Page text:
American whooping cranes in danger


This December 2013 video from the USA says about itself:

This week’s moment in nature takes us among the whooping cranes of the Aransas National Wildlife Refuge in Texas.

From ScienceDaily:

Whooping cranes form larger flocks as wetlands are lost — and it may put them at risk

April 2, 2020

Over the past few decades, the critically endangered whooping crane (Grus Americana) has experienced considerable recovery. However, in a report appearing April 2 in the journal Heliyon, researchers found that habitat loss and within-species attraction have led whooping cranes to gather in unusually large groups during migration. While larger groups are a positive sign of species recovery, the authors say that these large groups mean that a disease outbreak or extreme weather event could inadvertently impact a substantial portion of this still fragile population.

Whooping crane conservation is one of North America’s great success stories,” says Andrew Caven, Director of Conservation Research at Crane Trust, a non-profit organization dedicated to the protection of critical habitat for whooping cranes and other migratory birds. During the 1940s the whooping crane population fell to 16 birds, largely due to overhunting. However, after concerted conservation efforts, their numbers have increased 30-fold. “We had this species at the brink of extinction, and now there are over 500 birds. As conservation biologists, we’ve been extremely inspired by that.”

Even with this boom in whooping crane numbers, researchers are observing larger migratory flocks than they would expect from population growth alone. Historically, groups of migrating whooping cranes seldom exceeded a family unit. “Twenty years ago, a group of nine was notable; something you’d write in your natural history notes about. But now it’s becoming something quite regular. In the recent years we’ve seen bird groups over seventy multiple times.”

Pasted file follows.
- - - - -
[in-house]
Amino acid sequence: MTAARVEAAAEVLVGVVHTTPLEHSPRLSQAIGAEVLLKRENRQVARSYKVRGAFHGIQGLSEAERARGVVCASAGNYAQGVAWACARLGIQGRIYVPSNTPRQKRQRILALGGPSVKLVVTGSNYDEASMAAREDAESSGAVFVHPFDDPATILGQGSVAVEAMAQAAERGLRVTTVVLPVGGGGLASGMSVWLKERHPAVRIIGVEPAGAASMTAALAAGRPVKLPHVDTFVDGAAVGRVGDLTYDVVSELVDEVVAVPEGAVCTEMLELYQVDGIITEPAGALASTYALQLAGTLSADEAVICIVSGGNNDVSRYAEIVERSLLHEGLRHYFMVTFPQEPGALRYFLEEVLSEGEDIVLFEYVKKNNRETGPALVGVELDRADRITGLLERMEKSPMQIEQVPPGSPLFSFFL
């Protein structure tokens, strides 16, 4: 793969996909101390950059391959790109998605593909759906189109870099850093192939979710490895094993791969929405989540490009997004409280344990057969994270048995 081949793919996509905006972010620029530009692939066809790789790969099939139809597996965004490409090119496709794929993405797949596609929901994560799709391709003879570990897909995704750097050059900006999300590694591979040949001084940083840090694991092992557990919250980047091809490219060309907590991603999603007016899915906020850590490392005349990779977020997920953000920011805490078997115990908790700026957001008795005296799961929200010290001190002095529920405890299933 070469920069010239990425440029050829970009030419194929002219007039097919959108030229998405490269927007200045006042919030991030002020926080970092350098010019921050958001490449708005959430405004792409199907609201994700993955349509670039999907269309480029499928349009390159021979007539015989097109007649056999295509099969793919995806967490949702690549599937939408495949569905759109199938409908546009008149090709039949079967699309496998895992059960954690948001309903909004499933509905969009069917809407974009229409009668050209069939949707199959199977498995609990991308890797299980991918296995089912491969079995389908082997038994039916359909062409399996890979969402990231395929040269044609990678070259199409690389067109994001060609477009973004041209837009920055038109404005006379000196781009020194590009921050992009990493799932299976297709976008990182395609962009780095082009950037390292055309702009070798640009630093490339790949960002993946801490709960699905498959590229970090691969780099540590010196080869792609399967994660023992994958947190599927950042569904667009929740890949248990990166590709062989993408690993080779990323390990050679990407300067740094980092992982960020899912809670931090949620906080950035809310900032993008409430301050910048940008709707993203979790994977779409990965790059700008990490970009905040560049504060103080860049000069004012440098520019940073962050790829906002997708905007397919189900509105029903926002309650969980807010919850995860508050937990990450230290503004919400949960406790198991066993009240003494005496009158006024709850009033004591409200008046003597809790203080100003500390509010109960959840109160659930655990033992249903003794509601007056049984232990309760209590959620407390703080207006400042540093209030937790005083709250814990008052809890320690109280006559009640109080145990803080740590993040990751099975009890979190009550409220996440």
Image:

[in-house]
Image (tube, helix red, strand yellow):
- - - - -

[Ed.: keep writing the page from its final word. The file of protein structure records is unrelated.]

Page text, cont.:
With a total population of only around 500 birds, groups of this size could potentially put the whole species at risk. “The largest group detected was about 150 birds near Marcelin, Saskatchewan, which represents over one-fourth of the population. In a group that size, extreme weather like hailstorms or an outbreak of avian cholera could be catastrophic for the species,” says Caven.

So Caven and his research team set out to understand why traveling groups of whooping cranes had grown so large. They collected sightings data from state, federal, and private conservation organizations as well as the public along the whooping cranes migratory path from their Texas wintering grounds to their breeding grounds in Alberta, Canada.

Results indicated that the larger flocks of whooping crane roosted most frequently in the Southern Great Plains, where wetland habitats are sparse, but a few, high-quality conserved wetlands still stand.

“Many wetland habitats in the Great Plains have disappeared due to sedimentation or have been drained for farming” says Caven. “The rate of wetland loss has actually been quite high, particularly in these basins south of the Platte River.” With limited access to quality habitat in the southward part of their migration, it appears whooping crane have adjusted by gathering in proportionally larger assemblages.